Team:UC-Santa Cruz/Project/Polarization


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Polar Tag Results

Isolation of the polar protein tagging genes DivJ, StpX, PflI, and TipF out of a Caulobacter (CB15N) template proved to be more of a challenge than expected. The first round of colony PCR reactions showed several bands at the expected length for the TipF plates. Lanes 1, 4, 9, and 10 showed bright bands at ~1.9 kb (see Figure 1 below)


   Figure 1. TipF colony PCR Agarose gel. From left to right ladder, TipF1-TipF10, NegControl, PosControl.

Unfortunately the sequencing results suggested that all reads sequenced were actually empty vector that had been transformed into E.coli (see figure 2 below). A subsequent sequencing of prospective TipF colonies gave similar results.


   Figure 2. TipF sequencing results aligned to the expected ligation product. Reads suggest sequencing of empty vector.

After several more similar attempted transformations we decided to build a possible minimal DivJ (DivJM) out of 60 mers (designed using DNA works). We found evidence that suggests a small fragment of DivJ is actually responsible for polar localization of fusion proteins (Sciochetti, 2002)(see figure 3 below).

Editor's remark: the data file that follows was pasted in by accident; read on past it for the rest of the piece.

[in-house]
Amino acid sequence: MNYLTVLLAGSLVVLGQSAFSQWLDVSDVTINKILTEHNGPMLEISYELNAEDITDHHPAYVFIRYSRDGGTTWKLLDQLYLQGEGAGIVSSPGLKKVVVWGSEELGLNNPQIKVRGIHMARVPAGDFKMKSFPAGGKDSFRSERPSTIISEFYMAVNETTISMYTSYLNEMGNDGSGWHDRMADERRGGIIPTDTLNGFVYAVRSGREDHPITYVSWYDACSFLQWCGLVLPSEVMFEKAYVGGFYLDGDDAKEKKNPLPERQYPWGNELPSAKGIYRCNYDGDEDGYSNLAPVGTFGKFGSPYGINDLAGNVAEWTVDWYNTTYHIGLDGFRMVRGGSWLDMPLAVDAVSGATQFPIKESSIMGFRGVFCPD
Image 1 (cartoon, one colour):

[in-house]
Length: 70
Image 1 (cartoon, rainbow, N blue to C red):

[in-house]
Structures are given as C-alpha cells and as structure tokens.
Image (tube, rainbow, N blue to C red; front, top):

Figure 3. Copied from Sciochetti et al., 2002.

A ligation reaction and transformation of the recombinant plasmid (with DivJM) into E.coli chemi competent top 10 cells was performed. A colony PCR reaction was performed on the prospective DivJM colonies. Lanes with CA8 and CA9 displayed bright bands at the expected length of ~236 bp (see figure 4 below).


   Figure 4. Gel 27: From left to right. Top: Ladder, T1, T2, T3, T4, T5, T6, T7, Y8, T9, T10, CD1, CD2, CD3, CD4, CD5, CD6, CD7, NC, PC. Botton: Ladder, CD8,
   CA1, CA2, CA3, CA4, CA5, CA6, CA7, CA8, CA9, CA10, NC, PC, YD1, YD2, YD3, YD4, NY, PY. T = TipF, CD = 326 DivJ in pVCPFPC-4. CA = Minimal DivJ in
   pVCPFPC-4. YD = 326 DivJ in pXYFPC-2. NC = Negative control in pVCPFPC-4, PC = Positive control in pVCPFPC-4, NY = negative control in pXYFPC-2, PY =
   positive control in pXYFPC-2.

Sequencing of lanes CA8 and CA9 produced reads that suggest a single base deletion was in the DivJM gene (see figure 5 and 6 below). There are several possibilities that would explain the base deletion. An error early on in the synthesis PCR reaction may be to blame for the ambiguous base or there may have been an error in the oligo’s that we had made. We are currently redoing the synthesis and amplification of the DivJM oligo’s.


   Figure 5.


   Figure 6.